Fields of Fire, the latest in the Frontlines series of near-future science fiction war novels, is the fifth shot out of writer Marko Kloos’ very big and complicated gun. It is rare for a sequel, and then another installment, and then another, and then another, to capture my attention so completely that I can’t do anything but keep reading to see what happens next. I’m delighted to say that even this volume, a continuation of Earth’s battle with an alien race that seems intent on destroying us, had me wanting to set aside all other activity in favor of racing to the end.
But racing through one of Kloos’ volumes in this story would be cheating myself out of the details of the rich and imaginative world he has created for Earth just a few hundred years in the future. This time, I let the book sit on my nightstand for a few days before I picked it up, because I wanted some good uninterrupted time to savor what I trusted would be an immersive experience. Then once I began reading, I made myself stop at natural points instead of staying up all night reading half the book, or the whole thing. Toward the end, however, there was no slowing down. I finished last night, and I’m excited to tell you about the series in more detail than just “This is a great book!” like I do when I list the latest volume on my “Books I Have Read” page over here.
By Fields of Fire, I feel like I’m old friends with main character Lieutenant Andrew Grayson, a simple main character in contrast to the acronym-laden military spacecraft, weapons, and space travel science Kloos has invented to make the good soldier’s adventures plausible. Kloos himself affectionately refers to Frontlines as his “space-kablooie” series, but it’s the affection that shines through, because the story has a relatable every-man at its center. Grayson joined the military back in the first book, Terms of Enlistment, because he was a poor kid with no other options. Familiar enough scenario, except that when Grayson goes into battle, he wears a “bug suit” with polychromatic camouflage, automatic atmospheric adjustment systems, internal medication dispensers, and computerized links to every other soldier’s armor, the battleships in orbit, and even his weapons that can aim and shoot an enemy without him having to try very hard. Cool.
Fancy space gear aside, like any good hero, Grayson finds himself in the thick of the action, narrowly escaping death every time, and rising to the occasion to become a better fighter and a better person. But at great cost.
The first four books in the Frontlines series lay out the world, the challenge, and Grayson’s personal stakes in the war against the “Lankies,” as the Earthlings call the giant unyielding aliens overtaking colony planets and moons, reversing the expansion of the human race into other solar systems. In Fields of Fire, the battleground is closer to home than ever, and Grayson winds up on the forward edge of a planetary offensive meant to stop the Lankies’ advance toward Earth itself.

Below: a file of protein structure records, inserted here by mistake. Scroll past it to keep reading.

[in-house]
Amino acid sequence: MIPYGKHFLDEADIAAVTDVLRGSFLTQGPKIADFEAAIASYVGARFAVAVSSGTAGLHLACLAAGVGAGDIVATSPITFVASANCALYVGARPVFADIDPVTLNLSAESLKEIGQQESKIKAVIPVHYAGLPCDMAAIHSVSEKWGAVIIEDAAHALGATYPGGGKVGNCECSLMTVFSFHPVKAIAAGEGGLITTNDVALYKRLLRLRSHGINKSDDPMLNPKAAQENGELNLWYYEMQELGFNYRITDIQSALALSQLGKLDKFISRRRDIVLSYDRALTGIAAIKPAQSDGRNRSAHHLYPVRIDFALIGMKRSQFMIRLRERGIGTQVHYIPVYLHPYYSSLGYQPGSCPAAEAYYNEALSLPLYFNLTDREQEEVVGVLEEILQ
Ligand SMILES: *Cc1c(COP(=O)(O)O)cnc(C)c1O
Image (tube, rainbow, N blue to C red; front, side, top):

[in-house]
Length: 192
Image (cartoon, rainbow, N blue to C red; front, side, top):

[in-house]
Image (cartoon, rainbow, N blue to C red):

The fifth story doesn’t disappoint. The action unfolds with Kloos’ now familiar suspenseful pacing, and I thank him for the occasional pause for Grayson to nap. That kid doesn’t seem to catch too many breaks. In this story, Grayson witnesses civilian casualties at the hands of his otherworldly opponents, although still not close-up, but these details add another element of truthfulness to the reading experience. Even though Grayson has been on the wrong end of a major loss before, this time it seems to affect his emotions more powerfully, affecting the reader as well.
Kloos has an uncanny ability to take his story in unexpected directions. It seems impossible to me that in a fifth book in the same general story, I can be just as engaged as in the first. Frontlines readers will be happy to know that Fields of Fire has just as much story-twisting in store for them as Terms of Enlistment did. It was a pleasure to wonder how an Earthside battle with the Lankies early in the book would be relevant in the later offensive – and sure enough, Grayson realizes a bit too late that thing he saw them do? They’re doing it again on a massive, deadly scale. And some skillful foreshadowing – where are all the human bodies? – pays off in yet another surprising (and kind of gross) way.
Just Like Harry Potter
The ending surprised me yet again, and I’m not giving too much away by saying I was half disappointed and half delighted that it wasn’t an ending at all. I immediately wanted to reach for book 6, but since I had an advance reader copy of Fields of Fire, which doesn’t come out until February 28, (you can pre-order on Amazon already though), I’m guessing I’m going to have to wait a while. I haven’t had this sense of wanting the next volume in a series since Harry Potter. That’s a pretty big comparison, I suppose, but every reader is different, and that’s this reader’s feeling about it. “It’s like Harry Potter, but with giant aliens and bombs and spaceships and much more swearing.”
I was surprised by this series in so many ways. It’s not a genre I would ever have picked up on my own – Kloos is an online friend from the olden days of Twitter, so I was curious about these many books he wrote in just a few years. His intricate language of the military, the futuristic armor and weaponry, and space travel science fiction is unfamiliar and challenging to me, a reader who gravitates toward beautiful flowery language and quiet thoughtful scenes. But boy do I ever love a good story. The Frontlines series tells five good stories. I recommend you read them all.
Fields of Fire
$9.99 on Amazon
(available for preorder, to be released February 28, 2017)
If you haven’t read the earlier four books, start with Terms of Enlistment. I dare you.